“Irritable bowel syndrome is a symptom-based condition,” notes William Chey, professor of gastroenterology at the University of Michigan. “Everybody with IBS has abdominal pain and altered bowel habits.” That typically means diarrhea, constipation, or both.

“IBS is a really common issue,” says Chey. “Probably somewhere between 5 and 10 percent of the U.S. population suffers from it.”

Doctors don’t know what causes IBS, and there are no surefire treatments. “But the vast majority of IBS patients link their symptoms to eating food,” says Chey.

Should people with IBS eat a low-FODMAP diet?

“FODMAP is an acronym that stands for fermentable oligosaccharides, disaccharides, monosaccharides, and polyols,” Chey explains. “It’s a fancy way of describing sugars that your small intestine may have trouble digesting and absorbing.”

It’s not only people with IBS.

“If anybody eats enough FODMAPs, they will get to your colon and be fermented by bacteria, producing gas and drawing in fluid, which can cause diarrhea,” says Chey.

Of course, “enough” may mean a huge dose for most people, so they don’t have to worry.

“But people with IBS have issues with motility and gut hypersensitivity, so they are more prone to develop symptoms from small doses of FODMAPs,” says Chey.

And FODMAPs occur in a wide range of foods.

Which foods have FODMAPs?

This list of examples doesn’t include all foods or food ingredients with FODMAPs. For thorough lists and help following a low-FODMAP diet, visit myginutrition.com or monashfodmap.com.


onion and garlic
artemkutsenko - stock.adobe.com.

  • Onions

  • Garlic

  • Wheat, rye, barley

  • Beans, lentils, chickpeas

  • Asparagus

  • Broccoli

  • Cashews

  • Chicory root (inulin)

Disaccharides (Lactose)

  • Milk

  • Cottage cheese

  • Ricotta

  • Ice cream


a pear
Pineapple studio - stock.adobe.com.

  • Honey

  • Agave syrup

  • Apples

  • Mangos

  • Cherries

  • Pears

  • Watermelon

  • High-fructose corn syrup


a plum
ChaoticDesignStudio - stock.adobe.com.

  • Sorbitol

  • Maltitol

  • Xylitol

  • Peaches

  • Plums, prunes

  • Blackberries

  • Mushrooms

  • Celery

How to tell if a low-FODMAP diet works for your IBS

Different FODMAPs affect people differently.

For example, “in IBS patients, fructans are probably the most common trigger for symptoms,” says Chey. Fructans are oligosaccharides made of short chains of fructose molecules. Wheat and onions are the top contributors of fructans in a typical diet.

“When IBS patients eliminate wheat from their diet and get better, they often assume that it’s from restricting gluten,” says Chey. “But evidence suggests that they get a better response from restricting fructans instead of gluten.”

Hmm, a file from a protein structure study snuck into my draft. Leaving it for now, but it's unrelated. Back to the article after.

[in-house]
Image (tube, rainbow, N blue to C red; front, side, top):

To figure out which FODMAPs, if any, trigger your symptoms, you have to follow a low-FODMAP diet.

“We recommend that people remove FODMAPs for two to six weeks,” says Chey. “That restriction period determines whether an individual is sensitive to FODMAPs or not. After six weeks, if symptoms haven’t improved, a low-FODMAP diet isn’t going to work.”

How to tell which FODMAPs trigger your IBS symptoms

In one of the best studies, researchers randomly assigned 87 adults with IBS to follow a low-FODMAP diet or a similarly complicated placebo diet. After four weeks, roughly 60 percent of those on the low-FODMAP diet—versus about 40 percent of those on the placebo diet—reported “adequate symptom relief.”

“For those whose symptoms do improve on FODMAP restriction, we then go to the second phase of the diet plan, which is a slow, methodical reintroduction of foods containing individual FODMAPs,” Chey explains.

That lets people go back to eating foods that cause no symptoms.

How often does a low-FODMAP diet work for IBS?

“About 75 percent of people who start the very-low-FODMAP diet move to a less restrictive version,” says Chey. “Restriction is the beginning, not the end, of the diet.”

What matters is whether the cumulative dose for individual FODMAPs crosses a threshold that triggers symptoms. “It’s a low-FODMAP, not a no-FODMAP, diet,” notes Chey.

That’s where trained dietitians can help. “They understand the hurdles that trip people up and can help you identify what’s triggering your symptoms,” says Chey.

To be clear, a low-FODMAP diet isn’t a miracle cure.

“The good news is 50 to 60 percent of patients get better, which is really good for IBS treatments,” says Chey. The bad news: 40 to 50 percent of patients don’t.

“We should not be satisfied that we have the solution,” Chey argues. “I’m hoping this will open the gates for the discovery of other effective diet therapies for IBS.”